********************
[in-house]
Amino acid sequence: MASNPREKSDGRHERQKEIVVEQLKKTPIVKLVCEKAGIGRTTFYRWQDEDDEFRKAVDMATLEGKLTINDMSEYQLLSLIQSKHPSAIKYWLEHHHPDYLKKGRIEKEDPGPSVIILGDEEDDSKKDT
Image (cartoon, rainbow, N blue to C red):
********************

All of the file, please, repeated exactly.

[in-house]
Amino acid sequence: MASNPREKSDGRHERQKEIVVEQLKKTPIVKLVCEKAGIGRTTFYRWQDEDDEFRKAVDMATLEGKLTINDMSEYQLLSLIQSKHPSAIKYWLEHHHPDYLKKGRIEKEDPGPSVIILGDEEDDSKKDT
Image (cartoon, rainbow, N blue to C red):